I had a neat job come into the shop recently. Not because the work was especially challenging. It was just a simple Marlin model 60, brand new in the box, with a request for a trigger job.
No the reason it was neat was because this was my first rifle. One I still have. Although mine doesn’t look nearly this good. It’s beaten and banged. The stock is gouged and worn from years of a boy carrying it, and a brick of 22s, around a farm plinking at anything that looked good. I don’t know how many rounds have been through my little Marlin, but it’s uncountable.
However, one summer, I decided for some unknown reason to take the trigger assembly apart. Maybe I thought I’d clean it. Maybe I wanted to see the inside. I don’t remember. What I do remember was springs and parts going everywhere. I also remember being terrified to tell my dad. I believe it took the entire summer of pretending it still worked while secretly trying to get the thing back together. I had no manual, no reference books, and NO INTERNET. Can some of you remember what that was like?
Eventually my Marlin went back together and I couldn’t have been more relieved. I swore I’d NEVER take it apart again. And I haven’t.
And then this job came in. I have to say, I was geeked to work on this little rifle, and scared all at the same time. Despite years of experience and training, I still remember being that 13 year old kid who was afraid of dad. Heck, I’m still afraid of him, and he’s been dead 14 years.
Before we took the gun apart, it needed to be test fired to make sure it worked. Luckily Spork was hanging around and there was a squirrel mocking us through the window. I handed him a few rounds and the rifle and admonished him to be careful. He returned shortly with meat for the table and one less fuzzy tailed rat running around the farm. It worked fine.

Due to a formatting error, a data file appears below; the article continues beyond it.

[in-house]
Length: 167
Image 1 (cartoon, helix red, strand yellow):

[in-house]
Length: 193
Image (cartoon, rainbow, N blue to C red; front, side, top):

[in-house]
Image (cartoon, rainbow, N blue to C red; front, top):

I didn’t have a digital camera back in the 80s to take before pictures with. Now my camera sits on the bench, as important of a tool as any I have. Once the fiddly bits go flying, it’s mighty handy to have shots of the assembly when it was working correctly.
The customer had brought me a spring kit for the gun, along with a new target trigger. To get everything installed, nearly everything in the gun had to come apart. In the picture above, you can see a wooden piece capturing the hammer spring. Just below that you see a metal piece that turns up to vertical. This is the transfer bar that the trigger presses against to trip the sear and release the hammer. This is predominantly what the trigger job is on this rifle, as most of the friction happens right here.
I forgot to take a picture of the transfer bar after polish. Take my word for it. You could shave in the reflection.
I wasn’t in love with this target trigger. I felt the bearing surface of the adjustment screw was too small compared to the actual bearing surface of the trigger and transfer bar. But, I didn’t buy the thing, I just install it. I would have preferred to see a smaller screw size, but then have two side by side for even pressure. Or some other arrangement. The adjustment screw was an off the shelf allen screw so the head of it was very sharp and rough. I buffed it as much as could be done and then set about adjusting the screw for take up.